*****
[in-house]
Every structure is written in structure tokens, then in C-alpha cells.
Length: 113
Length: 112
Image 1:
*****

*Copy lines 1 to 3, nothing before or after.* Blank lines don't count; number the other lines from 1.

[in-house]
Every structure is written in structure tokens, then in C-alpha cells.
Length: 113